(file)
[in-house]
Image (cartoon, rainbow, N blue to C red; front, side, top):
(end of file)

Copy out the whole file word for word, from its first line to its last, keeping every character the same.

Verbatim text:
[in-house]
Image (cartoon, rainbow, N blue to C red; front, side, top):